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CCF

Stanley Howard Knowles (Whip of the Co-operative Commonwealth Federation)

Co-operative Commonwealth Federation (C.C.F.)

Mr. Knowles (Winnipeg North Centre):

Tres bien.

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LIB

Louis Deniset

Liberal

Mr. Denisel:

Mr. Speaker, suppose we have to take a vote right now? How can we vote properly if we have to wait until tomorrow morning for the translation? We should miss the benefit of the sonorous phrases which have been pronounced by the Postmaster General (Mr. Hamilton); we should not have the translation in time to vote today.

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PC

William McLean Hamilton (Postmaster General)

Progressive Conservative

Mr. Hamilton (Notre Dame de Grace):

Good for you.

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LIB

Louis Deniset

Liberal

Mr. Denisel:

The objections which have been raised are strictly technical. Is not a committee the best place in which to study technical and administrative difficulties? The hon. Secretary of State (Mrs. Fairclough) has said that the Speaker is looking into the matter. The inference is that she favours a study of the problem. I say, Mr. Speaker: let us have a committee, and let us have the Speaker look into it, and let us see who gets there first.

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LIB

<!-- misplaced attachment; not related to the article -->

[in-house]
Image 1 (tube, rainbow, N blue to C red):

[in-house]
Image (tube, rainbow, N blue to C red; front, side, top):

Raymond Raymond

Liberal

Mr. Raymond O'Hurley (Loibiniere):

Mr. Speaker, I have listened with interest to the speeches made by various hon. members concerning the motion now under discussion. As one who has always lived and who still resides in a French community, having spent my life there, and as the representative of French speaking elements near the city of Quebec, I think this motion as it has been proposed today is one which will have its importance in exemplifying that bilingualism in Canada is not only a word which can

be used during election time but also a word which can be applied in action.

Mr. Speaker, my attitude is a firm one. There are no two ways about it. I think that though there are technical points to be studied and ironed out-I realize that this will be quite complicated and that cost will be an important item-nevertheless, the suggestion is worthy of consideration. In my opinion it is worthy of acceptance and the house should go on record, not only as being in favour of a study of this problem but as being willing to provide means of putting it into practice at the earliest opportunity.